Macular Degeneration

Macular Degeneration is a deterioration of the central part of the retina known as the macula. The macula is responsible for detailed central vision, allowing us to read small print and to see at far distances. The causes of macular degeneration are many and include advancing age (>50 years old), genetics, smoking , hypertension and abnormal cholesterol levels.

Patients with macular degeneration may develop blurriness, distorted vision, blind spots and if advanced complete loss of central vision.
There are two types of Macular Degeneration, the dry form and the wet form. The dry form which is also known as the atrophic form starts with the formation of yellow spots called drusens. With the accumulation of drusens the back layer of the retina becomes thinner with the loss of cells and leads to a gradual loss of vision. Presently there is no medication or treatment for dry macular degeneration; however, there is scientific support that antioxidant vitamins and zinc can help by slowing down its progression toward more advanced stages. These include a daily amount of: Omega 3 fatty acids 1000mg, Lutein 10mg, Zeaxanthin 2mg, Vitamin E 400iu, Vitamin C 500mg, Zinc 80mg, and Copper 2mg.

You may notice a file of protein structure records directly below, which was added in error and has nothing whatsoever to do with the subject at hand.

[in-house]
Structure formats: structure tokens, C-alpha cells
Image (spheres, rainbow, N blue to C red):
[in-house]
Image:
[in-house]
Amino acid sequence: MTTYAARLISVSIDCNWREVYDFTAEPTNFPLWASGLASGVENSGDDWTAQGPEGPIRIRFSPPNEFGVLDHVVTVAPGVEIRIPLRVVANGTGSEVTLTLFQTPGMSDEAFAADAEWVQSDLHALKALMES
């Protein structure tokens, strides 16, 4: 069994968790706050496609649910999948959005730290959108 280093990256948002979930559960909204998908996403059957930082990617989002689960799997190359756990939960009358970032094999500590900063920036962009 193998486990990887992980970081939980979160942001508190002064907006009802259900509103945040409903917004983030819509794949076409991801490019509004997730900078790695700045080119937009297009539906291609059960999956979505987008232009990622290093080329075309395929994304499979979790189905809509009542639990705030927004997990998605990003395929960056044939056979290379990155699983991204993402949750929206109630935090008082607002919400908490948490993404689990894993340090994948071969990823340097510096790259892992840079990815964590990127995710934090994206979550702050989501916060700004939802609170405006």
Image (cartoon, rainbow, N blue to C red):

The wet form or exudative form is when the macular degeneration has advanced to a stage where abnormal blood vessels grow under the retina and leak fluid and bleed. Vision loss is usually rapid and sometimes severe. Treating wet macular Degeneration may involve injections of medications into the eye or the use of laser. The most common medication used to treat Wet Macular Degeneration is known as anti-VEGF. Anti- VEGF medications work by reducing the growth of new blood vessels, slowing their leakage, and causing abnormal blood vessels to regress. With the reduction of abnormal vessels, vision is maintained and sometimes improved. Repeat injections are often needed.

Treatment generally reduces but does not eliminate the risk of severe vision loss.

In both cases of Macular Degeneration it is important for the patient to monitor his/her vision regularly and report any sudden changes to their eye provider.

Written by Dr. Chin

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